Second, how much do you need to back up? If you are backing up other people's workstations you likely need to back up the O/S for a fast restore. If its for yourself, unless you have a load of apps/games you might want to concentrate on the data. I used Ghost way back when restoring my system meant reinstalling for hours and hours, and then scrounging up all the apps I use but don't actually have around. Now I find its easier to back my data online and/or between drives, and manually reinstall my O/S from scratch if needed.

And for any DEV work where I am more likely to have restore back to a good state, I just use a VM.

lcdguy August 22, 2011 12:13 PM

i second some the options expressed here.

1. Get an external drive. If your really paranoid take up a level and get an iosafe.
2. The windows back is fine. I used to be truly horrible back in the 98 days. But i believe IIRC (so don't quote me on this) that windows back up is basically a veritas backup system rebranded for Windows. Also keep in mind that home premium can not backup to a network location.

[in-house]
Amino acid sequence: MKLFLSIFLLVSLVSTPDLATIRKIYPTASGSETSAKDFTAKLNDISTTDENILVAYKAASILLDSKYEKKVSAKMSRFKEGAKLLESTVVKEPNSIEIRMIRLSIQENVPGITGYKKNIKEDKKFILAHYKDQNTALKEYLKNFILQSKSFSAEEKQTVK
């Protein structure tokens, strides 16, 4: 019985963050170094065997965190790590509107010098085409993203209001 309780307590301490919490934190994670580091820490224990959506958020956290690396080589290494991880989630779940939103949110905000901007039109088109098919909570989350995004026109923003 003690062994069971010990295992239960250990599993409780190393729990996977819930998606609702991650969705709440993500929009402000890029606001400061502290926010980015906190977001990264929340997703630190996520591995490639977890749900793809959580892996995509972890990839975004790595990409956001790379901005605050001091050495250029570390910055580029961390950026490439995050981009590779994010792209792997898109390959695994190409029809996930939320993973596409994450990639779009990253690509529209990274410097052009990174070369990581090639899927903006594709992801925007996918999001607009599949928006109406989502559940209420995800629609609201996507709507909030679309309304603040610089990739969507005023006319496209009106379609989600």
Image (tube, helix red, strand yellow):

3. I have used 2 other backup programs and they worked just as well (paragon drive image 9 pro, Acronis True Image)

I wouldn't bother with a whole drive backup as you will run out of backup space quickly. first i would look at what data is non-replaceable (ie: Itunes Downloads, Pictures, School Work, etc) then if i still have room put other things on there.

I would get an IO safe and just backup to that. They are fairly rugged and can stand up to alot on punishment.

CMetaphor August 22, 2011 12:38 PM

May I suggest an alternate software?
Free Backup Software: Paragon Backup & Recovery Free Edition - Overview

Free, Excellent backup software that I would highly recommend over any other.

lechumbl August 23, 2011 11:01 AM

Hi Mac29,

I have tried your 3 mentioned backup softwares and I use Ghost 15 only now.

I have used it for quite a while, backed up and restored several times and it is rock solid.

Had some issues with Acronis True Image, as on my external drive, the image was corrupt when I tried to restore backup several times. Threw Acronis away!!
Thank god I had a current Ghost 15 image to use instead, or I would have been screwed.

The external drive works fine and I have other files on it, with no corrupt issues, so it is not my drive.

Hope this helps you.

Take care..........

Paul_tech September 16, 2011 03:10 AM

Iím a big fan of backup solutuins, and I recommend Handy Backup (Handy Backup Software 6.9 | Back up Windows PC and Servers). It's reliable and easy to use backup software for Windows.